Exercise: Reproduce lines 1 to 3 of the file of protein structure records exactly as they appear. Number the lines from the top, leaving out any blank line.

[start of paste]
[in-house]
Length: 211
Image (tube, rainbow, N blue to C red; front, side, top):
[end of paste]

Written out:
[in-house]
Length: 211
Image (tube, rainbow, N blue to C red; front, side, top):